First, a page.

It's easy - it just takes time
(Spoiler alert: the secret is patience.)
A common misconception about cold brew coffee is that you just stash a pot of hot drip coffee in the fridge or pour it over ice. Simple, right?
Brewing great cold coffee is simple, but it’s not quick. Yet it’s worth the wait, says Heena Mak (Culinary Arts '14), co-owner at south Edmonton’s Brown Butter Café, well known for its unique drink offerings.
“Cold brews make you feel good, especially on a hot day,” she says. “It’s refreshing, light and it tastes good.”
Cold brew coffee is not new – in fact, it might date back over 400 years, with both Dutch and Japanese connections – but the drink has been gaining popularity.
At Brown Butter, you'll find classic black cold brew coffee, a cold brew sour, or peach swizzle coffee, as well as lemon, milky or prickly pear cold brew teas. You can experiment and get fancy, too. To help, here are Mak’s tips on making a tasty, basic cold brew – the perfect boost on a hot summer day.
Or, rather, a couple of summer days from when you start your brew.
How to make cold brew coffee
“Cold brew is not a quick process,” says Mak. “To make it, you have to be patient, and I think that’s why it’s so special. Anything that cheats the process means you’re not brewing it correctly.”
While typical hot coffee is brewed quickly in hot water, cold brew is brewed in cold water (from the kitchen tap is just fine) for at least two days, or longer for stronger flavour. The cold water extracts flavours in the coffee grounds differently, and you’ll often get a lighter, smoother and less bitter taste compared to its hot counterpart.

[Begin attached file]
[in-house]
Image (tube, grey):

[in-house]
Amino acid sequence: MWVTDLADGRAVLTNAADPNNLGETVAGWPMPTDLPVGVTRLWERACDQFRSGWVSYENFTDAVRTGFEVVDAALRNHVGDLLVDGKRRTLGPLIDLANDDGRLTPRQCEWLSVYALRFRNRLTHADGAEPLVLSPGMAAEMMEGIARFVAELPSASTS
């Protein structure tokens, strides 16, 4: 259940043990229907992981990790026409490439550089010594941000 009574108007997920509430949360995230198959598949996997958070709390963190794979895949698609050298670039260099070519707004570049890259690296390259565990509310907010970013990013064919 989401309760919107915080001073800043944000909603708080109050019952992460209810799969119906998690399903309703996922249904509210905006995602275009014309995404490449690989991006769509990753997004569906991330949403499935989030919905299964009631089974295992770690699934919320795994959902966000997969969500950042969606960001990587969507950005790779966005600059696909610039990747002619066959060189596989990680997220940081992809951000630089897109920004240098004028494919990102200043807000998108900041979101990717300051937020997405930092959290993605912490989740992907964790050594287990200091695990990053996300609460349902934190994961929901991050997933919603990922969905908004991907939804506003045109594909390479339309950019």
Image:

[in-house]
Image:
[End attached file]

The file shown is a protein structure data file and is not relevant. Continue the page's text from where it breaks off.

Basically, you just let coffee grounds sit in a container of water at a ratio of one part coffee to 10 parts water. Like this:
- 1L cold water
- 100g coffee
- Jug or plastic container with fine cheesecloth, or a cold brew kit (Mak recommends Hario cold brew pot)
- Fill your container with cold water.
- Grind your coffee and stir it into the water.
- Keep in the fridge for 48 to 72 hours.
- Drain well with fine cheesecloth.
- Enjoy served with ice, some sweetener and milk, or whatever you like!
Cold brew can keep up to seven days.
Pro cold brew tips
Grind your own beans. Although you could use pre-ground coffee to make cold brew, Mak recommends buying whole coffee beans and grinding them before adding to cold water. “It’s fresher that way, and keeps the flavour most intact.”
Add additional flavours after you brew, not during. The actual brewing should be very simple. Syrups, spices, sugar and other extra ingredients (including ice) should come only after those 48 to 72 hours. This way, you have the option of having it black, which is delicious, or getting creative one cup at a time.
Mix and match coffees. Mak says any coffee works as a cold brew. If you wanted to get fancy, you could even mix different coffees to get a unique blend.
Try a cold brew tea. Cold brew tea is made the same way as cold brew coffee, however the ratio of tea to water will vary depending on what tea you’re using and what strength you want that flavour to be. Mak encourages you to experiment.
Consider using a cold brew kit. The popularity of cold brew means there’s some cold brew specific brew kits that can make the process simpler. Mak recommends the Hario cold brew coffee pot, which has a built-in strainer.
Common DIY cold brew mistakes
- Trying to make cold brew by brewing hot coffee and pouring it over ice. This is quick, but won’t give you the same flavour as a true cold brew. Mak says this method also doesn’t store well, and often oxidizes quicker, which means it isn’t long before it starts to taste bad.
- Using a blender to make a faster cold brew. According to Mak, to make a true cold brew, no blending is required. Sometimes, people use a blender thinking this will speed up the cold brew process but a true cold brew needs time to brew.
- Not properly straining coffee after brewing. The right equipment is essential. If you don’t have a cold brew kit, which generally includes an apparatus that easily separates the coffee grounds from the rest of the drink after brewing is completed, you’ll need a mesh as fine as cheesecloth. A regular strainer will not work.
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